BBC NEWS Americas Africa Europe Middle East South Asia Asia Pacific Arabic Spanish Russian Chinese Welsh

 You are in:  World: South Asia
Front Page 
Middle East 
South Asia 
From Our Own Correspondent 
Letter From America 
UK Politics 
Talking Point 
In Depth 

Commonwealth Games 2002

BBC Sport

BBC Weather

Tuesday, 19 March, 2002, 12:39 GMT
Afghan refugees flood home
Afghan woman and children in Dashti-Arzana refugee camp near Mazar
Some people have been in the camps for years
test hello test
By Catherine Davis
BBC correspondent in northern Afghanistan

The largest, single, organised return of displaced Afghans to their villages is under way in northern Afghanistan.

Over 2,500 families are going back to their homes in the Alborz mountains on Tuesday. Others will return on Wednesday.

The International Organisation for Migration (IOM), which is co-ordinating the return, says the total number of families moved will be around 3,000.

One hundred and fifty trucks are being used to take them from Camp 65, near Mazar-e-Sharif, to their villages which they left because of drought.

Since early morning, people here have been packing up their few belongings, and awaiting their turn to be taken home.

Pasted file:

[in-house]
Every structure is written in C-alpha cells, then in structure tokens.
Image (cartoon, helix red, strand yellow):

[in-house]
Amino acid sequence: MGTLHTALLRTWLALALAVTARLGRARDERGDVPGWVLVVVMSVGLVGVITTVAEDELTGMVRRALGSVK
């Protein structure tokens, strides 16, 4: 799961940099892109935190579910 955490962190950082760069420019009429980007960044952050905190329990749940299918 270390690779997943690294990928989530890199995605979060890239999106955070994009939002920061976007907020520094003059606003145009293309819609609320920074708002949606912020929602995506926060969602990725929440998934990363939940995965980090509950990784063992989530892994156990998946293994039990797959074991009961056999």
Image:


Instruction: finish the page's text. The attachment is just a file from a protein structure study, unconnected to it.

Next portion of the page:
All around me are piles of sacks, blankets, mattresses, water cans.

Some families are taking the doors and timbers from the shelters they constructed here.

Heavily-laden donkeys weave their way through the crowd.

It is noisy, but despite the large number of people on the move, the process is calm and organised.

Community projects

These people are delighted to be going home. Many have been here several years.

As aid workers call out the name of a village, families move forward with their belongings and start loading them into trucks.

Afghan woman and child in Dashti-Arzana refugee camp near Mazar
Returnees will receive food for three months
Piled high, the trucks leave to start the drive up the mountain.

It is a four-hour walk from this camp to the villages of Alborz, not far away, and that is why aid agencies are anxious to ensure those returning stay in their homes, and do not try to come back here for a second chance of assistance.

Once back in their village, the returnees will be given a three-month ration of food, as well as non-food items like blankets.

The priority will be to plant wheat as soon as possible.

Community projects are already underway to help those returning re-integrate, and to ease tensions with the villagers who did not leave.

Above all, the aim is to ensure that this massive return of people home is sustainable.

See also:

05 Dec 01 | South Asia
UN pleas for Afghan refugees
04 Dec 01 | South Asia
Refugees trapped in no man's land
22 Nov 01 | South Asia
Afghan aid delivery 'unsafe'
22 Nov 01 | South Asia
Afghan renewal 'will come from within'
20 Nov 01 | South Asia
Afghanistan's huge rebuilding task
Internet links:

The BBC is not responsible for the content of external internet sites

Links to more South Asia stories are at the foot of the page.

E-mail this story to a friend

Links to more South Asia stories